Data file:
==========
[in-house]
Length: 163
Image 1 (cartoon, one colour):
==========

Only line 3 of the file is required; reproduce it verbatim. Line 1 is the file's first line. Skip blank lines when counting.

Image 1 (cartoon, one colour):